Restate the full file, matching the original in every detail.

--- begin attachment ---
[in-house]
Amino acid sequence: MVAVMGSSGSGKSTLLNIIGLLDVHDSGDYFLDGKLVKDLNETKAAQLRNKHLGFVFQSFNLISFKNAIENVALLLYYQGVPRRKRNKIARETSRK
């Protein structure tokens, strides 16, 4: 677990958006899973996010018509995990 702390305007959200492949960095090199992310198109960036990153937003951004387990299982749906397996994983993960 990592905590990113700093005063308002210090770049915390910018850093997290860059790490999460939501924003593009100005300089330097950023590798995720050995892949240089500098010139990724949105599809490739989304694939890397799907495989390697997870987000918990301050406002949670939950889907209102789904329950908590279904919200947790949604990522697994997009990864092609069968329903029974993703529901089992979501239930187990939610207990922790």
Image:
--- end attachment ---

[in-house]
Amino acid sequence: MVAVMGSSGSGKSTLLNIIGLLDVHDSGDYFLDGKLVKDLNETKAAQLRNKHLGFVFQSFNLISFKNAIENVALLLYYQGVPRRKRNKIARETSRK
């Protein structure tokens, strides 16, 4: 677990958006899973996010018509995990 702390305007959200492949960095090199992310198109960036990153937003951004387990299982749906397996994983993960 990592905590990113700093005063308002210090770049915390910018850093997290860059790490999460939501924003593009100005300089330097950023590798995720050995892949240089500098010139990724949105599809490739989304694939890397799907495989390697997870987000918990301050406002949670939950889907209102789904329950908590279904919200947790949604990522697994997009990864092609069968329903029974993703529901089992979501239930187990939610207990922790």
Image: